John Kass: Mayoral tan? Bali Hai Mayor Rahmfather

  • Pin It
Nice tan, Mr. Mayor!

You came back from steamy and tropical Indonesia to a city frozen in ice and snow, where the side streets and alleys hadn't been plowed and where schoolkids were almost sent into the worst of the cold.

But Rahm Emanuel wasn't worried. He held a Monday news conference about the cold, and almost all of his commissioners who flanked him were dressed like the mayor, in fleece and boots, bureaucrats eager to play the heroic action figure for the cameras.

The women were dressed professionally. But of the men, only police Superintendent Garry McCarthy and Chicago Housing Authority boss Mike Merchant were secure enough to wear suits and ties. Their mothers had raised them properly.

Rahm? He had some kind of Jack Bauer fleece going on.

"I was away with my family on holiday," he said at the news conference that I just couldn't miss, which is why you're getting a bonus column from me today -- "and I was in regular contact."

Of course, he was in regular contact. But he wouldn't take my questions, so I couldn't ask him about his killer tan, though a few reporters speculated privately he might have used a wee bit of powder to tamp down that bronze sheen.

"Every one of the commissioners know and would report I've been in contact with them on a regular basis, and with my chief of staff multiple times on a daily basis," said Mayor Rahmfather, adding that his family didn't think he was on vacation given all his communicating with City Hall.

It all sounded so smooth, kind of like Nancy Pelosi's face only with words, until I realized something.

The mayor of Chicago had been rolled and embarrassed by Chicago Teachers Union President Karen Lewis into closing Chicago Public Schools.

City Hall's original plan -- with Rahm in the tropics -- was to keep the schools open Monday. But for days previous, every weathercaster in America, and Matt Drudge, knew that on Monday, Chicago would just about freeze its brass monkeys off.

And still Team Rahm considered keeping schools open, until Lewis issued a short news release saying that "common sense" dictated that schools be closed for the safety of the children. And it was done.

Schools closed.

Lewis didn't merely roll him. She dropped him in flour, flipped him over a bit in there for a thorough dusting, then slipped him into a hot frying pan as if he were some tiny Indonesian smelt.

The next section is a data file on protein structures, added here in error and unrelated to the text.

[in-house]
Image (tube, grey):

You can imagine her singing "Bali Hai" as she popped him into her mouth, crunching down on his diminutive and crispy, mayoral form.

But that's not the way Team Rahm sees it.

He was asked about how he let things get so far with the 40-below wind chill and parents not knowing late into Sunday afternoon whether schools would be open, when he stepped back and bravely allowed his schools chief, Barbara Byrd-Bennett to answer for him.

"That's not quite accurate," she told reporters of the Lewis-rolled-Rahm-again scenario. "As we began to take a look at the decrease in the temperature, and a decrease in the wind chill factor ... we thought it best. ... It may have seemed at the last minute, but it wasn't."

Byrd-Bennett was asked, didn't the teachers union compel you to close schools with its social media campaign?

  • Pin It

Editorial Poll


Andy Green, the opinion editor, has taken the "know a little bit about everything" approach in his time at The Sun. He was the city/state editor before coming to the editorial board, and prior to that he covered the State House and Baltimore County government.

Tricia Bishop, the deputy editorial page editor, was a reporter in the business and metro sections covering biotechnology, education and city and federal courts prior to joining the board.

Peter Jensen, former State House reporter and features writer, takes the lead on state government, transportation issues and the environment; he is the board's resident funny man and capital schmooze.

Glenn McNatt, who returned to editorial writing after serving as the newspaper's art critic, keeps an eye on the arts, culture, politics and the law for the editorial board.

Scottish independence [Poll]

Should Scotland split from the United Kingdom?

  • Yes
  • No
  • Not sure